Development of a Novel Biologic for Rheumatoid Arthritis
2016 Harrington Scholar-Innovator
Nunzio Bottini, MD, PhD, Associate Professor of Cellular Biology at the La Jolla Institute for Allergy and Immunology and consulting rheumatologist at the University of California, San Diego (UCSD), was born curious. It's part of the makeup of a physician-scientist, he says.
“Physician-scientists view disease as a problem that should be solved,” Dr. Bottini explains. “Curiosity tells you there is a better way to treat these problems. As a scientist you can contribute to that.” In Dr. Bottini's case, curiosity has defined his career.
After completing his MD and PhD at the University of Rome in his native Italy, Dr. Bottini received postdoctoral research training in biochemistry and signal transduction at the Sanford-Burnham Medical Research Institute in La Jolla, California. That experience ignited his interest in immunology, and he spent his first years in the United States in the laboratory. Relocating to La Jolla Institute in 2009, Dr. Bottini's interest in immunology led him to rheumatology and autoimmune diseases, and he moved into the clinical sphere as well. With a keen understanding of signaling mechanisms in immune cells, he enjoys putting that training into practice with his patients.
“Rheumatology is very brainy in terms of how you proceed,” he notes. “On the clinical side, there is a lot of thinking and science involved in a diagnosis. In terms of science in the lab, there is a lot you can do.” In rheumatoid arthritis, immune cells move into the joint and release antibodies that irritate local joint lining cells, which amplifies pain and joint damage.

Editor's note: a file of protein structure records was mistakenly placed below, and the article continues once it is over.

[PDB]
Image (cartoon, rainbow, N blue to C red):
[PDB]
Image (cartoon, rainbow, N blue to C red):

For about one-third of patients, the drugs used to suppress the immune system are not effective, Dr. Bottini says. “We want to develop a first-in-class drug for rheumatoid arthritis that complements current immune-targeted medications and does not increase the risk of infection,” he states. He already has defined a protein agent that blocks the destructive process of local cells in the joints.
With assistance from Harrington Discovery Institute experts, Dr. Bottini anticipates moving the protein through preclinical development to ensure its safety and determine how long it persists in the bloodstream. The critical stage for his project was a laboratory experiment that proved the protein's effectiveness. Dr. Bottini and the other scientists in his lab were anxious as they waited for the results that week, he remembers.
“Most of the time, we are wrong. We work for that two percent of the time that we get exciting data. That is the payoff for being curious.”